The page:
Author: Madeleine Roberts-Ganim
Where do you go when you are itching to leave the house but don’t need to go to work or class? The University of Chicago has a multitude of spaces on campus where students can go to socialize, relax, and study. Whether you prefer the bright lights of the Ex Libris coffee shop or the cozy interior of the Harper Memorial Library, UChicago students have no shortage of on-campus cafés, libraries, and study spaces to hang out in when they want to get out of the house.
Some of these spots can be described as “third places.” Ray Oldenburg, an American sociologist, created this term to describe the places outside of the home (the first place) and the workplace (the second place) where people go to converse with others and connect with their community. In this casual and social environment, no one is obligated to be there and cost should not prevent people from attending. It is a place where we can interact with members of our community and even turn strangers into friends. At a third place, you might go to hangout with your friends, you might run into acquaintances by chance, or you might meet people you have never encountered before. It is a meeting ground to build relationships with others outside of home or work.
For a deeper discussion of and investigation into third places in and around the University of Chicago, check out this fascinating article published by The Chicago Maroon.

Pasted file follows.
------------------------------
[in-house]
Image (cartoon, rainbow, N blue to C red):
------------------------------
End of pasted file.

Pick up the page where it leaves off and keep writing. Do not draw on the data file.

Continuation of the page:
Third places might look different around the world. However, like much of the world, Americans love conversing with others over food and drink. Accordingly, it might be unsurprising that coffee shops and bars are some of the most common and popular third places in the United States. Bars and coffee shops serve several purposes in the U.S. They can act as a meet-up spot for friends, a place to strike up a conversation with a stranger, a performance venue, or even a second office for some. However, purchasing a drink or a snack is often an unspoken requirement to attend and linger in these third spaces. While you do not have to spend an arm and a leg* to enter a coffee shop or bar, the cost of this imaginary “entry ticket” may prevent some people from regularly using these spots as their preferred third space.
While it may seem like you have to buy something to go anywhere in the U.S., truly free third places do exist! Parks and public libraries are some of the best places to gather with friends and strangers in the United States for no cost at all. On weekends, in the evenings, and even during the weekday, you can find people utilizing libraries and parks to gather, build community, and relax. Many libraries and parks are open well into the evening, so you can often stick around for as long as you like.
For Americans, third places are where we can both affirm our own identities and build empathy for identities different from our own. The United States is a multicultural and multilingual country. When we connect with members of our community at third places, we can find people who share racial, ethnic, linguistic, religious, sexual, and gender identities with us. It can be incredibly affirming to find people who have identities similar to our own in our own community, so that we can share experiences and support each other. At the same time, third places allow for a space to meet people entirely different from us. We can meet people from different cultures, backgrounds, and life experiences, which encourages us to empathize with people of different identities. We can learn about the experiences of those different from us and use our resources to support our community, standing in solidarity no matter if we share an identity or not. Third places make us feel as if we belong to a society bigger than ourselves.